The loan's security strengths are offset by its fourth lien position, a weak 1.10x MADS ABT, and a springing debt service reserve fund (DSRF) requirement that is activated when DSC falls beneath 1.50x. The DSRF would have to be funded at 50% of MADS, and can be satisfied with either cash or a surety.
Fitch views the weak ABT as substantially mitigated by two considerations. First, the authority has a financial policy requiring a minimum 1.50x net DSC in any given year, and at least 2.0x net DSC on average annual debt service. Second, the authority is highly reliant on excess sales tax revenues to fund its transit system's operations due to a low farebox recovery ratio. Management believes it would not be fiscally feasible to leverage to or near its ABT, and warrants that the weak legal provision was included to allow for future variable rate debt or commercial paper issuances.
The authority has the statutory authority to lower its sales tax rate to a minimum of 0.8% from the currently levied maximum of 0.9%, but must meet a 1.50x coverage sufficiency test annually. Failure to meet the test would require the authority to raise its tax rate to achieve at least 1.50x coverage, not to exceed the legally permitted 0.9% maximum tax rate.
FLEXIBLE YET SUBSTANTIAL CAPITAL, DEBT PROGRAMS
Fiscal 2014 estimated pledged revenues of $616.5 million generate all-in debt service coverage at a strong 12.4x on an annual debt service (ADS) basis. The authority projects it will draw from the TIFIA loan annually in fiscal years 2019-2023, with debt service payments beginning in fiscal 2028, five years after projected substantial completion of the East Link project.
Fitch's projected debt service calculation considers projected debt issuances, with the authority estimating $5.7 billion of cumulative issuances annually through fiscal 2023. To the extent that pledged revenues underperform expectations, the authority could scale back or defer both its capital and debt issuance programs. The authority's capital plans consist largely of expanding its existing rail service. Because the system has a low farebox recovery ratio, a hypothetical capital plan deferral or downsizing likely would not negatively impact the system's financial operations.
Based on the authority's projected revenue growth and debt issuance projections, Fitch estimates ADS coverage would bottom out at 2.25x in fiscal 2024 and rise thereafter. The authority's projections assume average annual growth of 4.5% and are based on its third party consultant's forecast with a haircut of 50-100 basis points.
Fitch's more conservative 2% (base case) and 0% (stress scenario) growth assumptions would result in trough ADS coverage of 1.66x and 1.23x, respectively, assuming no scaling back of the authority's capital or debt programs.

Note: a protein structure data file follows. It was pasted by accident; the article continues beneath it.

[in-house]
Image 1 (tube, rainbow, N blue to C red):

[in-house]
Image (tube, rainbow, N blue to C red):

Fitch believes its 2% base case growth rate is conservative based on the region's strong economy, ongoing population growth and inflation.
SATISFACTORY FINANCIAL OPERATIONS
The authority's financial operations are satisfactory overall, with strong historical and projected net debt service coverage through at least fiscal 2018, and a manageable infrastructure renewal and replacement program. These strengths are offset by the system's weak pricing framework, as exhibited by a low Fitch-projected farebox recovery ratio of 19% from fiscal years 2014-2018.
Concerns over the authority's low farebox recovery ratio are somewhat mitigated by a moderate degree of community support, evidenced by 58% voter approval of a permanent sales tax hike in 2008 to support the system's service expansion. Also, the authority's high level of taxes as a percentage of total revenues (about 60%) reduces the risk that hypothetically weakened operations could affect overall revenues, given the lower level of correlation between sales tax performance and fare box revenues. Fitch considers the system's community essentiality to be weak, however, given that just 9% of the employed population utilizes the system. This dynamic may improve over time based on significant increases in ridership over the past several years should the trend continue.
Additional information is available at 'www.fitchratings.com'.
In addition to the sources of information identified in Fitch's Tax-Supported Rating Criteria, this action was additionally informed by information from CreditScope.
Applicable Criteria and Related Research:
--'Tax-Supported Rating Criteria' (Aug. 14, 2012);
--'U.S. Local Government Tax-Supported Rating Criteria' (Aug. 14, 2012).
Applicable Criteria and Related Research:
Tax-Supported Rating Criteria
U.S. Local Government Tax-Supported Rating Criteria